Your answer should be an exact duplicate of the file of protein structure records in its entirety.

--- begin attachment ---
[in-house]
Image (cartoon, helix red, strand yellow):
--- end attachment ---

[in-house]
Image (cartoon, helix red, strand yellow):